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Cable work stops; Employees honor UI picket line for now

By Luther Turmelle, New Haven Register, 21 May 2002

NEW HAVEN—The five-day old walkout by 360 unionized United Illuminating Co. workers has—temporarily at least—put a stop to a portion of the controversial cross-Sound cable power project. Since the strike by Local 470-1 of the Utility Workers of America began last Thursday, unionized construction workers building the structure that will house the New Haven end of the undersea power cable have refused to cross the picket lines. Local 470-1 is picketing the construction site because a subsidiary of UI's corporate parent—UIL Holdings—has invested in the undersea cable, which will link Connecticut's power grid with the one in Long Island.

Work on the cross-Sound project continues underneath Long Island Sound, said Rita Bowlby, a spokeswoman for Transenergie, the HydroQuebec subsidiary that is building the line through a related company. Bowlby confirmed, however, that work on the land-based portion of the project has stopped.

The union construction workers have been honoring the picket line, she said.

A Farmington-area firm—McPhee Construction—is overseeing the work on the Waterfront Street project, Bowlby said. The project is being built upon land owned by a UIL Holdings subsidiary.

But Jim Murray, president of Local 470-1, says UI is playing games with the union in its efforts to get the project restarted.

Murray contends that Sunday overnight into Monday, construction crews at the cable terminus project hastily constructed a makeshift new gate for unionized construction workers to enter. Local 470-1 picketers discovered the new gate before dawn, leading to what Murray described as a Mexican stand-off between the strikers and the unionized construction workers.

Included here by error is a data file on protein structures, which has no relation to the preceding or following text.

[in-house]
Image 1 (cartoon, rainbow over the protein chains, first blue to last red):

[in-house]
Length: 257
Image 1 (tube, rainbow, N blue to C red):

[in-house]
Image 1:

The other unions eventually agreed to honor our picket lines, but it was really tense there for a while, he said. It was like West Side Story.

Murray contends that UI is trying to force a confrontation with the construction unions in an effort break the strikers' resolve.

If it comes to blows? we're ready for that, but this sort of thing is like death to the unions, he said.

We're supposed to support each other.

UI spokeswoman Myra Stanley said forcing a confrontation between the unions wasn't the company's intention at all.

We erected the new gate so that parties that are not part of this strike can enter and leave in a more orderly fashion, Stanley said. It was never our intent to hide anything from anybody.

Murray said the union has contacted city officials in New Haven to determine whether the utility had right—and the proper permits—to build a new entry road to the site.

While the land-based portion of work on the cross-Sound cable has stalled, the ship that is laying the cable reached Shoreham, N.Y. early Monday. Work to bury the line beneath the sea floor is expected to begin in New Haven Harbor today, Bowlby said.

The first half of the installation process went smoothly, according to the company, with the Dutch ship that unspooled the line traversing the Sound in less than four days.

Work permits issued by the state Department of Environmental Protection and the U.S. Army Corps of Engineers require that the $130 million job be done within the next 10 days to prevent harm to marine life spawning and migrating in Long Island Sound during the summer.

Cross-Sound officials said that they expect all work to be done by the end of the week, and if not, by the DEP deadline.

Bowlby dismissed questions leveled by state Attorney General Richard Blumenthal about a chemical spill that occurred during cable work May 1.

Early that morning Bentonite, a clay-like substance used to line and fill the 30-inch-wide, 2,000-foot-long conduit leading the line from the East Shore to the harbor channel spilled into the harbor, covering a field 100 feet by 150 feet.

Both the DEP and the Army Corps said the spill was cleaned up.

This is an old story, Bowlby said. There is no concern. There was a release, it was contained according to the plan, Bowlby said.